chukwaCollector.writerClass
    org.apache.hadoop.chukwa.datacollection.writer.hbase.HBaseWriter 
  
  
    hbase.demux.package
    org.apache.hadoop.chukwa.extraction.demux.processor
    Demux parser class package, HBaseWriter uses this package name to validate HBase for annotated demux parser classes.
  
  
    hbase.writer.verify.schema
    false
    Verify HBase Table schema with demux parser schema, log
    warning if there are mismatch between hbase schema and demux parsers.
    
  
  
    hbase.writer.halt.on.schema.mismatch
    false
    If this option is set to true, and HBase table schema 
    is mismatched with demux parser, collector will shut down itself.
    
  
  
  
    writer.hdfs.filesystem
    hdfs://localhost:9000
    HDFS to dump to
  
  
    chukwaCollector.outputDir
    /chukwa/logs/
    Chukwa data sink directory
  
  
    chukwaCollector.rotateInterval
    300000
    Chukwa rotate interval (ms)
  
  
    chukwaCollector.isFixedTimeRotatorScheme
    false
    A flag to indicate that the collector should close at a fixed
    offset after every rotateInterval. The default value is false which uses
    the default scheme where collectors close after regular rotateIntervals.
    If set to true then specify chukwaCollector.fixedTimeIntervalOffset value.
    e.g., if isFixedTimeRotatorScheme is true and fixedTimeIntervalOffset is
    set to 10000 and rotateInterval is set to 300000, then the collector will
    close its files at 10 seconds past the 5 minute mark, if
    isFixedTimeRotatorScheme is false, collectors will rotate approximately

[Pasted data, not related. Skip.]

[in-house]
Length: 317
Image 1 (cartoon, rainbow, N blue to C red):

once every 5 minutes
    
  
  
    chukwaCollector.fixedTimeIntervalOffset
    30000
    Chukwa fixed time interval offset value (ms)
  
  
    chukwaCollector.http.port
    8080
    The HTTP port number the collector will listen on
  

C. Starting the services

C.1 Chukwa agents. Once that all the modifications have been done, we’re going to start the services starting with the chukwa agent as follow:

[bautista@Zen-UnderLinx chukwa-0.5.0]$ bin/chukwa agent
[bautista@Zen-UnderLinx chukwa-0.5.0]$ OK chukwaAgent.checkpoint.dir [File] = /tmp/chukwa/log/
OK chukwaAgent.checkpoint.interval [Time] = 5000
WARN: option chukwaAgent.collector.retries may not exist; val = 144000
Guesses:
chukwaAgent.connector.retryRate Time
chukwaAgent.sender.retries Integral
chukwaAgent.control.remote Boolean
WARN: option chukwaAgent.collector.retryInterval may not exist; val = 20000
Guesses:
chukwaAgent.sender.retryInterval Integral
chukwaAgent.connector.retryRate Time
chukwaCollector.rotateInterval Time
OK chukwaAgent.control.port [Portno] = 9093
WARN: option chukwaAgent.hostname may not exist; val = localhost
Guesses:
chukwaAgent.control.remote Boolean